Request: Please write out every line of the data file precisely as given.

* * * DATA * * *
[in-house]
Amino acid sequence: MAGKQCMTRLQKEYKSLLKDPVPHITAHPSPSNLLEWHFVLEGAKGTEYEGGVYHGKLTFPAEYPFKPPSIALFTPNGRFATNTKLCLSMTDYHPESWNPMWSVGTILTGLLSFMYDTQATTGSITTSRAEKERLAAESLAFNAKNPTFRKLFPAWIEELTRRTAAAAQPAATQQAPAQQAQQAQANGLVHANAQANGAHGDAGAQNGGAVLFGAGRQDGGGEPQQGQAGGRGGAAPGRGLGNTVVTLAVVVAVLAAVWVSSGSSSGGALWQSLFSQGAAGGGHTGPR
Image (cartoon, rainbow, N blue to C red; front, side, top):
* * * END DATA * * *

[in-house]
Amino acid sequence: MAGKQCMTRLQKEYKSLLKDPVPHITAHPSPSNLLEWHFVLEGAKGTEYEGGVYHGKLTFPAEYPFKPPSIALFTPNGRFATNTKLCLSMTDYHPESWNPMWSVGTILTGLLSFMYDTQATTGSITTSRAEKERLAAESLAFNAKNPTFRKLFPAWIEELTRRTAAAAQPAATQQAPAQQAQQAQANGLVHANAQANGAHGDAGAQNGGAVLFGAGRQDGGGEPQQGQAGGRGGAAPGRGLGNTVVTLAVVVAVLAAVWVSSGSSSGGALWQSLFSQGAAGGGHTGPR
Image (cartoon, rainbow, N blue to C red; front, side, top):